ARC researchers have access to a wide range of telescopes, wide-field surveys, laboratories, data sets, and computing resources:
Kelvin-2 – Kelvin-2 is Northern Ireland’s high-performance computing (HPC) Centre. It is jointly managed by Queen’s University Belfast and Ulster University. ARC researchers use this facility for our heavy computing and data simulation needs.
ALMA – The Atacama Large Millimeter/submillimeter Array is an interferometer consisting of 66 antennas situated at an altitude of 5000m on the Chajnantor Plateau in the Atacama Desert of northern Chile. We use ALMA to study star and planet formation through observation of the gas and dust in protoplanetary disks, looking for the gaps that forming planets carve out of the disk material. We also study star death in ATOMIUM, an ALMA Large Program, investigating the inner circumstellar envelopes of late-type stars to understand the process by which silicate dust particles form and the mechanism by which these spherical stars give rise to the wide range of morphologies seen in planetary nebulae.
ATLAS – The Asteroid Terrestrial-impact Last Alert System (ATLAS) is comprised of twin 0.5m Wright Schmidt telescopes that can survey the entire visible night sky from Hawai’i every two nights. We use these to identify early-time astrophysical transients such as gravitational wave sources and rare supernovae. We also use the photometry and images obtained to investigate the surfaces and activity of asteroids, comets and other bodies in our Solar system.
Daniel K. Inouye Solar Telescope (DKIST) – The QUB Astrophysics Research Centre led a consortium of UK universities and institutes to deliver the cameras for DKIST. Located on the island of Maui, DKIST is the largest solar telescope in the world and is expected to begin science operations in late 2021. Key advances in its instrumentation, over those available in other facilities, include ultra-high spatial (25 km on the solar surface) and temporal (millisec) resolution, high resolution imaging spectroscopy and coronal magnetometry. The DKIST off-axis design combined with its infrared capabilities will reduce scattered light and produce unprecedented polarimetry for accurate measurements of the coronal magnetic field. The DKIST first-light science objectives are at the core of the QUB solar physics research programmes.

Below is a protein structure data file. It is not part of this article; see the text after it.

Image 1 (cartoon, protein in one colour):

Dunn Solar Telescope (DST) – The DST is a 0.76m solar telescope situated in the Sacramento Peak mountains of New Mexico, USA. It is home to the Rapid Oscillations in the Solar Atmosphere (ROSA) and Hydrogen-alpha Rapid Dynamics camera (HARDcam) instruments built in-house by the Astrophysics Research Centre (ARC) at QUB. We use the DST for high cadence observations of quiet Sun, network, and active region locations, and can accumulate in excess of 4TB of data per hour. These data are utilised by our undergraduate and postgraduate students, as well as our postdoctoral and academic research staff, and have resulted in discoveries of important phenomena, such as Alfvén wave shocks and resonance cavities.